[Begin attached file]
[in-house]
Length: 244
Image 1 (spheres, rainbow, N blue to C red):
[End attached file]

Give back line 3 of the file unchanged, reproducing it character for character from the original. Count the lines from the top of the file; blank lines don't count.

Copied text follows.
Image 1 (spheres, rainbow, N blue to C red):